Here's Lui's perspective: "Jonah Hill, in this specific case, was asked to be goofy. This is someone famous for being in these comic, silly situations — look at '21 Jump Street,' look at 'Superbad.' So he probably can't get away with it the way Tommy Lee Jones can. In the long run, will he lose acting jobs? No, of course not. And that's the way celebrity is set up: They're indulged."
Social media has also blurred a few lines. If you follow a celebrity on Twitter or Instagram, there is an illusion of intimacy and access. This might be quietly messing with the minds of those of us in the media, even if we don't realize it. Pamela Rutledge, of the Media Psychology Research Center, talked about the "parasocial relationship," which is what happens "when you see someone a lot on television or any kind of media like Twitter, and you feel like you know them."
There's a sense of immersion, she said, which makes everything seem more real. "And that means that your brain thinks you're already friends." Even if, intellectually, you know otherwise. "So what I see with these interviews is a disconnect between the expectations of these reporters and the expectations of the actors."
And yet: "There are actresses who will post sonogram pictures on Twitter," said Lui. "So how then are we — the fan, the consumer, the media — supposed to take all these cues that are contradictory and act accordingly?"
If an actor happens to take the opposite tactic — Channing Tatum has been consistently funny and charming in interviews — can it make a difference in their career? Per Lui: "I love Channing Tatum, but we would all agree that he is not a master thespian. He's gotten ahead, and he's managed his career so brilliantly, and he's one of the top players in the game because he's made smart decisions. But also because he's nice. Nobody wants to see him fail." And according to Dergarabedian: "Channing Tatum's movies have consistently opened well across the board."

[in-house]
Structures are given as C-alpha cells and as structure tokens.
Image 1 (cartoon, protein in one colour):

Then again, we've all become such jaded media consumers, we're likely to tune out anything we suspect is a recycled sound bite. Eisenberg, Hill and Ifans took a damn-the-torpedoes approach. They weren't pretending to be nice. They didn't fake a polite response to questions they clearly felt were idiotic. They were being authentic to whoever they are — or whatever mood they were in at that precise moment.
"They're all put through this junket situation," Lui said, "and some of them are better at it, and others fail spectacularly." Here's an example of the former: Longtime Chicago actor Michael Shannon was on "David Letterman" Monday night promoting the Superman reboot "Man of Steel."
Based solely on the characters he plays, Shannon might be one of the scariest men working in Hollywood today. (His performance as General Zod offers a thrilling "interstellar glare of doom," as my colleague Michael Phillips put it. Like I said, scary.) There is a lot of respect out there for Shannon's talents. That 2009 Oscar nomination for "Revolutionary Road" was no accident. If anything, he has every right to be just as disdainful of the song-and-dance of a press tour as Jonah Hill.
Except there he was on "Letterman," wry and amiable, sharing one self-deprecating story after another, including a withering put-down from Sidney Poitier, who told him: "I don't know what your technique is, but you're weird."
I'm pretty sure he's heard that before. He is weird, a little. That's part of his appeal. He's also a smart, decent, witty guy who doesn't take himself too seriously. Happily for those of us in Chicago, he's back in town at his old stamping grounds this summer performing in Sam Shepard's "Simpatico." The play opens at A Red Orchid Theatre next month.
Tawdry TV movie
The phrase “Lifetime movie” conjures all sorts of cheesy associations. On Wednesday Lincoln Hall teams up with the video collective Everything Is Terrible for a screening of “Cyber Seduction: His Secret Life,” first broadcast on the cable network in 2005, about a high schooler who becomes obsessed with online porn. This screening includes live commentary from a panel of three comedians. The series kicks off Go to www.lincolnhallchicago.com.
Theater on screen
When "This House" opened in March at London's National Theatre, the Guardian called the behind-the-scenes look at Britain's Parliament circa 1974 a "thoroughbred crowd-pleaser, lampooning — without tipping into spoof — a political system that is flawed but somehow still functioning." The production was filmed and will be broadcast Saturday and again June 25 at the Music Box Theatre. Go to musicboxtheatre.com.
Chicago filmmaker Joe Swanberg, whose locally filmed comedy "Drinking Buddies" opens this summer, hosts a screening of the relationship comedy "The Bounceback" with the film's writer and director, Bryan Poyser, followed by a Q&A on Monday at Landmark Century Centre Cinema. Go to tugg.com/events/4450.
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